blog tour, books, reviews

Blog Tour: Sapphire Smyth & The Shadow Five Part One – R.J. Furness*

SHADOWS: Sapphire Smyth & The Shadow Five (Part One) by [Furness, R.J.]

Have you ever seen something you can’t explain? Did it vanish as fast as it appeared?
Perhaps that thing you saw was lurking in the shadows, and you caught a glimpse of it before it went back into hiding.
There’s a good chance, of course, that the thing you saw simply emerged from your imagination.
Or maybe, just maybe, it didn’t…

Sapphire Smyth is no stranger to rejection. When she was only a baby, her father abandoned her after her mother died. Since then, Sapphire has never felt like she belonged anywhere, or with anyone. To make things worse, her foster carers have now turned their back on her – on her eighteenth birthday. After living with them throughout her childhood, Sapphire has to find a new home. Is it any wonder she finds it hard to trust people?

Abandoned by the people she called family, Sapphire is alone and searching for some meaning in her life. Except that meaning has already come looking for her. When she discovers mysterious creatures lurking in the shadows, Sapphire soon realises that her fate is unlike anything she had ever imagined.

My thoughts:

The serial novel isn’t something new, Charles Dickens serialised his stories in magazines, as did Sir Arthur Conan Doyle, back in the Victorian and Edwardian eras. We don’t really do the same thing nowadays, but the rise of e-books could potentially be a new way to serialise stories for a modern readership.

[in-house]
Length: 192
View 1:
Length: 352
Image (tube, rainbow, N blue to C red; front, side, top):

However, I don’t think this particular story needed that treatment, in fact I think it could have done without it. This first tranche is weak, needing to pack a lot of information into its pages, and with multiple chapters, perhaps gives too much. Tighter editing would have been a real blessing as the concept and ideas within the story are pretty sound.

Sapphire Smyth turns 18, inherits an unusual heirloom, and discovers the world beneath the humdrum existence that she never knew was there. That’s a pretty decent concept, and one that could have been really interesting to play with.